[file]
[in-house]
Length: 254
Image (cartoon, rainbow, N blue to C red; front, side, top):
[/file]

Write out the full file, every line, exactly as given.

[in-house]
Length: 254
Image (cartoon, rainbow, N blue to C red; front, side, top):